The next one? Shane Wright has the intangibles - and shot - of a generational star
Shane Wright's never accepted losing. Not even as a toddler.
"Shane has this other edge," his mother, Tanya, told theScore. "When he was young I had to discipline him for it. It was embarrassing. It would be like three-year-old 'sportball,' and he would be losing his mind at three-year-olds who weren’t doing it right or trying hard enough."
Wright's competitiveness extends beyond sports, even boiling over into family game nights.
"There’s been the odd board that has ended upside down before it's over," his father, Simon, said.
Wright admitted his intensity always shows up, regardless of what's at stake.
"Everything I do, I want to win," he said. "I'm also kind of a perfectionist. I hold myself to high standards. I want to win in whatever I do. Whether it's a board game or a sport or whatever it is, I'm competitive and I want to win it."
That competitive nature and that will to win, while sometimes embarrassing for his parents when he was growing up, has helped Wright blossom into a potential generational hockey player. Even though he's only 16 years old and not NHL draft eligible until 2022, he's already drawn comparisons to Connor McDavid, Sidney Crosby, and John Tavares - the next ones that came before him.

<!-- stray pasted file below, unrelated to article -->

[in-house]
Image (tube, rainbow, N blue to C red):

Wright was granted exceptional status into the OHL last year as a 15-year-old, and scored 39 goals and finished with 66 points in 58 games with the Kingston Frontenacs. His point total matched McDavid's from his age-15 season, but Wright played five fewer games. Of the five players before Wright to be granted exceptional status into the CHL (Tavares, Aaron Ekblad, McDavid, Sean Day, and Joe Veleno), only Tavares had more points in his rookie season (77 in 65 games).
The talent's obvious. Already listed at 6-feet and 183 pounds - and still growing - Wright's a strong skater with a heavy shot and elite hockey IQ. Talent only takes a player so far, though. Intangibles are what make Wright special enough to be mentioned in the same conversations as McDavid, Crosby, and Tavares.
"I think what Shane brings is that quiet, unassuming leadership with his drive and determination," NHL director of central scouting Dan Marr said. "When other players on a team see that the best player is out there as the hardest worker, and wanting to win every battle, wanting to be on every puck, wanting to make things happen out there, that's infectious."
Marr has a wide lens on the game's top prospects and even though his primary focus is generally on the immediate draft class, he still watched Wright in person "about a half dozen times" this season.
Frontenacs assistant coach Luca Caputi, meanwhile, had a front-row seat to observe Wright on a daily basis during his Rookie of the Year season in the OHL. He was equally impressed by his work ethic, maturity, and leadership.
"Every young player that comes through our organization for the next two years will look up to him, just because of the way he does it right every day," Caputi - who spent parts of three seasons in the NHL with the Pittsburgh Penguins and Toronto Maple Leafs - said.
"When you have those intangibles - and I was lucky enough to play with Crosby - when you're the best player and you work the hardest and you have the right goals and you're a good person off the ice, people follow you. People you want around are going to follow you."